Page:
Simple Method to Create and Functionalize Virus-Like Polymer Particles Having Nanostructures

Scientists at Tohoku University in Japan have teamed up with others to create a simple method to develop and functionalize virus-like polymer particles that have many nanostructures. The partnership includes scientists from Michigan University in the USA and Karlsruhe Institute of Technology (KIT) in Germany.

Schematic illustration of the work. (Image credit: John Wiley & Sons, Inc.)

The geometrical control of antibodies, enzymes, and other proteins over polymer particles is vital for achieving cascade reactions seen in a living body; very efficient drug delivery systems; and very sensitive immunoassay systems. Given enzymatic reactions take place step-by-step along aligned enzymes, the formations of such enzyme arrays are critical for realizing the particles.

In drug delivery systems and immunoassay systems using polymer particles, the density and alignment of antibodies on the particles are very crucial factors in attaining high sensitivities. A virus is a perfect particle given its nanostructures and geometrically-controlled functional groups. But, structural control and selective chemical alteration of synthetic polymer particles have so far been inaccessible because of their complicated synthetic routes.

Diblock copolymers develop nanoscale phase-separated structures, and macromolecular compositions can regulate structures and periodicities. In the current study, Guillaume Delaittre and co-workers at KIT have been successful in synthesizing hydrophobic diblock copolymers that possess functionalized blocks. Divya Varadharajan at KIT and Hiroshi Yabu at Tohoku University have changed those diblock copolymers to nanostructured particles with the help of a nanoprecipitation technique they formulated.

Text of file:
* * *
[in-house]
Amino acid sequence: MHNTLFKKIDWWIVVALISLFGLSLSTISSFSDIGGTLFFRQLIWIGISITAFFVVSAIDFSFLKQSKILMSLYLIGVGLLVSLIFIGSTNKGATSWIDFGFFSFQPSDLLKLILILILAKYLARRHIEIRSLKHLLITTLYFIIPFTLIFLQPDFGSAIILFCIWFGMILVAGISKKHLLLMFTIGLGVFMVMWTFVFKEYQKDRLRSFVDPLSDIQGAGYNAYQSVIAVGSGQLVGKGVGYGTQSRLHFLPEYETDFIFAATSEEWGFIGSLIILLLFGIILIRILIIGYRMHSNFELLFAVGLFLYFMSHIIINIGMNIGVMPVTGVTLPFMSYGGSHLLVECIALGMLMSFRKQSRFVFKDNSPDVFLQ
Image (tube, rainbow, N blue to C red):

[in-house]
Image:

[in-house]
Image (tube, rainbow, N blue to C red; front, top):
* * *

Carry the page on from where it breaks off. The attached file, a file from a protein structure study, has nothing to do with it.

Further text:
Altering the preparation conditions, morphologies, and sizes of particles resulted in core-shell, stacked lamellae, and other morphologies being found. The stacked lamellae structure, in which both polymer phases are exposed to the particle surfaces, was selected for selective chemical alteration.

To envision the site-selective chemical alteration of particles, fluorescent dyes were fixed on the one polymer phase. Joerg Lahann at Michigan University identified this chemical alteration by monitoring ring-shaped fluorescence from nanodiscs originating from disassembling stacked lamellae. Lahann used stimulated emission depletion (STED) microscopy in his research, which is one of the super-resolving microscopy techniques.

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